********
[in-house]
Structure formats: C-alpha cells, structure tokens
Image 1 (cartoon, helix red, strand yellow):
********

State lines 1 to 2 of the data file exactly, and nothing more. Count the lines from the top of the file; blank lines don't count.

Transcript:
[in-house]
Structure formats: C-alpha cells, structure tokens